Appalachia has seen its fair share of heartbreak over the last few years. As the region now recovers from the tragic loss at Massey Energy’s Upper Big Branch (UBB) mine, the blame game begins (See News, p. 10). Teams re-entered the UBB mine in early June to begin the investigation. Agencies dispatched federal and state officials to inspect “questionable” underground mines in a massive industry sweep. Meanwhile, Congress heard testimony from all sides in hearings held in Washington, D.C., and in Beckley, W.Va. The industry watches as Massey Energy and the Mine Safety & Health Administration (MSHA) lock horns over the investigation and the outcome could have a significant impact on underground coal mining.

Meanwhile, the Environmental Protection Agency (EPA) continues to ride roughshod on mountaintop mining. On May 18, the EPA held a field hearing at the Charleston Civic Center on its proposed veto of the Clean Water Act (CWA) 404 permit for Arch Coal’s Spruce Fork No. 1 mine (See Falling on Deaf Ears, p.48). This would be the first time the EPA has used its authority to revoke a permit that already has been issued. More than 800 people attended. State politicians and educators shared numbers that demonstrated the positive influence of coal mining in the region. Tempers flared as it became more obvious the EPA simply does not care about job losses in the region. The permit had been approved by multiple federal and state environmental agencies and was accompanied by a comprehensive environmental impact statement.

The decision to pull an existing permit could have an alarming impact on mining and investment in mining projects, especially in Appalachia. Similar to Southern Coal, mining companies regularly invest hundreds of millions of dollars on property or mineral rights, miners, equipment and technology on the assumption that they can mine coal unabated as long as they comply with the terms of the permit. By reneging on the permit, the EPA destroys what little trust remained between coal operators and the Obama administration.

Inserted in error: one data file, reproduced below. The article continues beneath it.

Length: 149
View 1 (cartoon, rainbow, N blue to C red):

The power industry, and the coal industry indirectly, was dealt another blow in June when the U.S. Senate failed to support SJ Res. 26, a joint resolution disapproving a rule submitted by the EPA relating to the endangerment finding for greenhouse gases under the Clean Air Act. The joint resolution, put forward by Sens. Lisa Murkowski (R-Alaska) and Blanche Lincoln (D- Ark.), would have denied the EPA the authority to regulate greenhouse gases under the Clean Air Act. In effect, by not supporting SJ Res. 26, policymakers are saying they are willing to place the U.S. economy in further jeopardy by regulating greenhouse gas emissions under the Clean Air Act.

At a time when the U.S. economy needs jobs badly, coal operators and investors will be less likely to propose and fund new coal mining projects in Appalachia. Underground mine operators, already finding compliance very expensive, will most certainly face more stringent laws in the future. On the surface, the EPA calls the shots for now and the anti-mining rhetoric espoused by the agency has ramifications far beyond the hollows of West Virginia. The Appalachian coal industry faces extraordinary uncertainty.

Steve Fiscor, Coal Age Editor-In-Chief